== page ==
Useful Notes / The Roman Republic
Romulus and Remus, Rome's legendary founders

"There was once a dream that was Rome. You could only whisper it. Anything more than a whisper and it would vanish... it was so fragile."
Marcus Aurelius, Gladiator

The Eternal City, Rome, has several origin tales. The Aeneid recounts the wanderings of refugees from the sack of Troy who founded the Latin people.note  The Aeneid also says the Trojans are founders of the Roman people, though the city hasn't been founded yet. Later, Romulus and Remus, the Ur Examples of Raised by Wolves, founded the city itself on the curiously precise date April 21st, 753 BC. Certain aspects about the founding myths have a curious plausibility and the idea that the original Romans were an outlaw band or fleeing refugees does seem believable. Rome, founded on the seven hills, was ruled by a succession of seven kings, the last few showing heavy Etruscan influence.

After a time the Romans lost patience with living in The Kingdom and threw out Tarquinius Superbus (Tarquin the Proud), and formed what they called a respublica (literally, "Thing of the People"), from which we gain the term "Republic." Rome was organized as an oligarchy with the Aristocracy, called patricians, controlling the "Senate" (derived from senex, meaning "old man"), though the public had some say on the issues through the tribunesnote  (lit. Protector of the People) who had veto power over the Senate, as well as the less formal ability to beg favors from their patrons. This organization is reflected in the famous Roman slogan SPQR which stands for Senatus Populusque Romanus, or "The Senate and People of Rome." The Republic in social structure was quite family-oriented with various clans becoming centers of webs of patronage, a patron/client relationship that has modern answers in political machines and The Mafia. While Rome's system was oligarchical by modern standards it had for its time a reputation for justice and stability and its elaborate checks and balances were often admired by Greeks whose cities were often troubled by chaos.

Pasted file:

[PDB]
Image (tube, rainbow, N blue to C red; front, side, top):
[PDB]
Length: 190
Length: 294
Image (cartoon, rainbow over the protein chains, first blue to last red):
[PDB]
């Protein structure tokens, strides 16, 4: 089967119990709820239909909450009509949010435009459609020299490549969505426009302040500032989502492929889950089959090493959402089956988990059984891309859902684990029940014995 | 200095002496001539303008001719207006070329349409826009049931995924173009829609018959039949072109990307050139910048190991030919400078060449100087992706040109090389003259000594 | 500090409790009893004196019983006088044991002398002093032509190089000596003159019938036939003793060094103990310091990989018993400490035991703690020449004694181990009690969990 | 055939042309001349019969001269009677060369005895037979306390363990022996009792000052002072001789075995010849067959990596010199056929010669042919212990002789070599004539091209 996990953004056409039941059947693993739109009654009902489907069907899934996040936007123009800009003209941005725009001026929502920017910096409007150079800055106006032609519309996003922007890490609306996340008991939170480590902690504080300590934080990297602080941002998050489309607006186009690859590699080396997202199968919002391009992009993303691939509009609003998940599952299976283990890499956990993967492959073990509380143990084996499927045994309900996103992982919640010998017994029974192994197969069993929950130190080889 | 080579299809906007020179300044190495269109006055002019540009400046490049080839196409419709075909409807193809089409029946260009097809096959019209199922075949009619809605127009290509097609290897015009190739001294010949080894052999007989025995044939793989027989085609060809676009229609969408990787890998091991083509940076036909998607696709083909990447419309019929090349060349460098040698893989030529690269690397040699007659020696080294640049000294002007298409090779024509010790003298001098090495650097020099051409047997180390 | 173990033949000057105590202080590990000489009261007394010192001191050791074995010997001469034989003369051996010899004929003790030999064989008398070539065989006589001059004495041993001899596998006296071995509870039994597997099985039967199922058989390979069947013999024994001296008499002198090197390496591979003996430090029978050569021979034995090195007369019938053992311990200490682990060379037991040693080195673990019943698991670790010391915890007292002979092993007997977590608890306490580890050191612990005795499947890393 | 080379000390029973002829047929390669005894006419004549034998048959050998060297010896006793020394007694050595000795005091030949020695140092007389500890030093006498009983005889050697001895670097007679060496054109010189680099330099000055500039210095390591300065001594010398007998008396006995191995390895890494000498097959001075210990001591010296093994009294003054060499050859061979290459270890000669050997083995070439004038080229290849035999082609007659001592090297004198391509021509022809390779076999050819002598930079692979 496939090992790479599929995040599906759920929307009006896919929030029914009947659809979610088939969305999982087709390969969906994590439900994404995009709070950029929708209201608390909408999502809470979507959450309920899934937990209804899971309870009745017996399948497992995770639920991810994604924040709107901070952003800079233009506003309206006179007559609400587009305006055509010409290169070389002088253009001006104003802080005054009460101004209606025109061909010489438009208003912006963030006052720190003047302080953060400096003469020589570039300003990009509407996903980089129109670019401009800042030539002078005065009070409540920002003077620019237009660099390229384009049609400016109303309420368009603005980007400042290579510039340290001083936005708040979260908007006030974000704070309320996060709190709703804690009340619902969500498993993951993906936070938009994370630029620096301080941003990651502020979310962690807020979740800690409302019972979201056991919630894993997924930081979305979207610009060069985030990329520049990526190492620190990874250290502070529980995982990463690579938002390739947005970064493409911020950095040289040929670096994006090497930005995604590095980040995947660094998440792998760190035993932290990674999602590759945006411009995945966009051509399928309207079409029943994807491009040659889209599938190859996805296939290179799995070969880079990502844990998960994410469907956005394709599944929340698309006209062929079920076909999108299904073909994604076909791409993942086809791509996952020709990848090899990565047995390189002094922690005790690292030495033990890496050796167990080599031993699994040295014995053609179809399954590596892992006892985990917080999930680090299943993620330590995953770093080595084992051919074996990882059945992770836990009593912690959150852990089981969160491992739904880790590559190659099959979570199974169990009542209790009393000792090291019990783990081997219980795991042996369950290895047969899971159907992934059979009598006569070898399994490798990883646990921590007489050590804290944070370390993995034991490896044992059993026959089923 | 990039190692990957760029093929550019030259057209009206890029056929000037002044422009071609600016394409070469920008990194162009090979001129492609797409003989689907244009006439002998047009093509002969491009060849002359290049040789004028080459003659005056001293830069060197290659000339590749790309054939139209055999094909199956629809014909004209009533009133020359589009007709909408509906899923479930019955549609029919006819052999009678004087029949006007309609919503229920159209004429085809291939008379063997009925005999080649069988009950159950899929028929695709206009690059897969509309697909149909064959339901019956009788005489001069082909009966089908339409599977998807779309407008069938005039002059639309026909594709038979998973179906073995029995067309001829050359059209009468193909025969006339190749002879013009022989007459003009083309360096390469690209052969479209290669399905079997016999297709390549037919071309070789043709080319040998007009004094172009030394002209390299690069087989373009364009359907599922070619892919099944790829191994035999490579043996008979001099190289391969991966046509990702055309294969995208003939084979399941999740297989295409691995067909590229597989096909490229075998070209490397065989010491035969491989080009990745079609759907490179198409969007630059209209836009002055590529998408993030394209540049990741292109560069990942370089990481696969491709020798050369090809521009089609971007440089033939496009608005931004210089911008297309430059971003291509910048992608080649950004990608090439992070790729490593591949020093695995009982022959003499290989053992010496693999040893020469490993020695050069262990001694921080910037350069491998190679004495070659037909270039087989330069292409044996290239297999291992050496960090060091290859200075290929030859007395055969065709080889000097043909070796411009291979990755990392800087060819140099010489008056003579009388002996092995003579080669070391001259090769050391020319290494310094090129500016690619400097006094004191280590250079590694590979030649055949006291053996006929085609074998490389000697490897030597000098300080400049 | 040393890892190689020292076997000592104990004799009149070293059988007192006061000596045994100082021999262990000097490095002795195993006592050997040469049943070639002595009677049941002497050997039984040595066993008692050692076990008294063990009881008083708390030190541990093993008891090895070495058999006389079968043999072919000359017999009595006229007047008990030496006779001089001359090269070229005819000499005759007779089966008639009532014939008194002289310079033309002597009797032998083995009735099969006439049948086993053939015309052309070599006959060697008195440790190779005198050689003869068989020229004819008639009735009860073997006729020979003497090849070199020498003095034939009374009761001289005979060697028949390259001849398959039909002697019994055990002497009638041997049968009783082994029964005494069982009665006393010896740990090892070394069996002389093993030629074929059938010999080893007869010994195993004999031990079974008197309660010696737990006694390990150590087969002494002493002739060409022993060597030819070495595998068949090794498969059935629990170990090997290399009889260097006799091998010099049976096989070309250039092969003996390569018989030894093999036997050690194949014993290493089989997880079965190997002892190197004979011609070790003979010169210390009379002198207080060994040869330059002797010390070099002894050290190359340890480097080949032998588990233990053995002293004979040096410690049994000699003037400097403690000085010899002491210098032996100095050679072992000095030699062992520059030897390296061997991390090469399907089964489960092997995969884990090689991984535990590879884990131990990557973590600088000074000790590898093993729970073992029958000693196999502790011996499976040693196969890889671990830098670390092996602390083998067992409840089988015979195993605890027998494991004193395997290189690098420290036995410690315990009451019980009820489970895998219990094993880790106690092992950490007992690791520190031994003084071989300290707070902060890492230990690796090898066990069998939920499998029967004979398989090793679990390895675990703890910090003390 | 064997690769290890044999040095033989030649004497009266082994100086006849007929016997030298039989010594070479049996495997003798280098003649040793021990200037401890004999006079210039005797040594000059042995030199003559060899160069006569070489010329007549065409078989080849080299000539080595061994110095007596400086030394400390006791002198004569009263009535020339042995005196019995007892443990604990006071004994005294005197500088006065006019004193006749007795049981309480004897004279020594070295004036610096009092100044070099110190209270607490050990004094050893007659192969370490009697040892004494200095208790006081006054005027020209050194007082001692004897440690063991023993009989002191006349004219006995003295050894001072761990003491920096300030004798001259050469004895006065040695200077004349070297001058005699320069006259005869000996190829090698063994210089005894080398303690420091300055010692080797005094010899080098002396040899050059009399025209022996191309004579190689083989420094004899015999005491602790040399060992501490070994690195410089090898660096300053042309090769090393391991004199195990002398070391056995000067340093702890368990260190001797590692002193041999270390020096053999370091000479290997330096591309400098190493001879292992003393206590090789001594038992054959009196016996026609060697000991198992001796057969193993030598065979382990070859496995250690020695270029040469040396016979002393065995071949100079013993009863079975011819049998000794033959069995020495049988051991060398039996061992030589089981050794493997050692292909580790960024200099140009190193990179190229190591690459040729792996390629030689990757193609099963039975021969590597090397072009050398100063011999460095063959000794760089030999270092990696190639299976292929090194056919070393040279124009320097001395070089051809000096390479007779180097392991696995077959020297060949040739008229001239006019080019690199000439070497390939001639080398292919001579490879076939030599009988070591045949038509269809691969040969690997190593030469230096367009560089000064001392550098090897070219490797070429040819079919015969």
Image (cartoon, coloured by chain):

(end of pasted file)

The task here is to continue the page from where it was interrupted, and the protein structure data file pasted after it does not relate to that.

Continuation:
The Republic had a succession of executive magistrates with one-year terms, including quaestors (low-level magistrates, 20 a year), praetors (mid-level judicial magistrates, the lowest office to grant its holder the benefit of lictors/bodyguards carrying around their telltale ''fasces''), and two consuls (top executives with executive powers checked only by each other and the Senate). In addition, the Republic came with a safety valve: in times of crisis, a six-month term for a special office, dictator, could be granted to one person, granting him complete control of the state. There could be good dictators (Cincinnatus, Quintus Fabius Maximus Cunctator), but usually the inherent danger of the office prevented widespread use, and both Lucius Cornelius Sulla Felix and Gaius Julius Caesar would declare themselves dictator pro vita, or dictator for life, granting them supreme power until death.

The Republic expanded through Italy both through its Badass Army and its genius for wooing conquered people from nearby cities who shared similar cultures. The extreme early myths such as the Rape of the Sabine Women portray how much of Rome's early growth was due to both of these factors.